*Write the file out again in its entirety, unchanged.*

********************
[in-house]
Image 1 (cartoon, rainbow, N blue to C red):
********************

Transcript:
[in-house]
Image 1 (cartoon, rainbow, N blue to C red):